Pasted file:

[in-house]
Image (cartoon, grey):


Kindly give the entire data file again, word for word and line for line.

[in-house]
Image (cartoon, grey):